Educational, Labor-market and Intergenerational Consequences of Poor Childhood Health

Krzysztof Karbownik, Anthony Wray

Publikation: Working paperForskning

Resumé

We study whether childhood health capital affects school attendance, long-run occupational outcomes, and intergenerational mobility. We address this question in the context of London, England during the late-nineteenth century using the inpatient admission records of three large hospitals linked to population census records, from which we identify household characteristics and the patients’ siblings. Sibling fixed effects estimates indicate that boys with health deficiencies were 14.9 percent less likely to work in white collar occupations as adults and 13.9 percent more likely to experience downward occupational mobility relative to their fathers, in comparison to their brothers. This negative effect offsets 16.2 percent of the benefit of having a father in a high status occupation. We also explore medium-run mechanisms for both boys and girls, and find that poor childhood health reduced the likelihood of attending school by 2.5 and 4.1 percent, respectively.
OriginalsprogEngelsk
UdgiverThe National Bureau of Economic Research, Cambridge/MA
Vol/bind26368
DOI
StatusUdgivet - okt. 2019

Fingeraftryk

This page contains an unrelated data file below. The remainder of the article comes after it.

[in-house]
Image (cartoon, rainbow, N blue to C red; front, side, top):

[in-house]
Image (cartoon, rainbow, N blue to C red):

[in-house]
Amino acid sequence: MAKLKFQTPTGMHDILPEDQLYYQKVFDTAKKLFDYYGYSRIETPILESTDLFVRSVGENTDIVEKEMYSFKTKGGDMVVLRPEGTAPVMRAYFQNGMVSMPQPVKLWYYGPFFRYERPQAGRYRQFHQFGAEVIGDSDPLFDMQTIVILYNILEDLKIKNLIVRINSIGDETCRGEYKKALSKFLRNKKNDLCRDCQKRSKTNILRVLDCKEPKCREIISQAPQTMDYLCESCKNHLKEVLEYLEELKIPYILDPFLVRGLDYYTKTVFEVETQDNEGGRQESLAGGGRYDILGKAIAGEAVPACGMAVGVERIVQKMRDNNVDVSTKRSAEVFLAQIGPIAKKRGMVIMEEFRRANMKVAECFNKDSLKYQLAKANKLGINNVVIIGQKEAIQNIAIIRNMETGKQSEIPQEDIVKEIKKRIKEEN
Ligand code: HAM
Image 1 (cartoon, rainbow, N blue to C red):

Education
Health
Labour market
Siblings
Childhood
Admission
Inpatients
School attendance
Health capital
England
Household
Intergenerational mobility
Occupational mobility
Fixed effects
Population census

Citer dette

Karbownik, Krzysztof ; Wray, Anthony. / Educational, Labor-market and Intergenerational Consequences of Poor Childhood Health. The National Bureau of Economic Research, Cambridge/MA, 2019.
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Educational, Labor-market and Intergenerational Consequences of Poor Childhood Health. / Karbownik, Krzysztof; Wray, Anthony.

The National Bureau of Economic Research, Cambridge/MA, 2019.

Publikation: Working paperForskning

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AB - We study whether childhood health capital affects school attendance, long-run occupational outcomes, and intergenerational mobility. We address this question in the context of London, England during the late-nineteenth century using the inpatient admission records of three large hospitals linked to population census records, from which we identify household characteristics and the patients’ siblings. Sibling fixed effects estimates indicate that boys with health deficiencies were 14.9 percent less likely to work in white collar occupations as adults and 13.9 percent more likely to experience downward occupational mobility relative to their fathers, in comparison to their brothers. This negative effect offsets 16.2 percent of the benefit of having a father in a high status occupation. We also explore medium-run mechanisms for both boys and girls, and find that poor childhood health reduced the likelihood of attending school by 2.5 and 4.1 percent, respectively.

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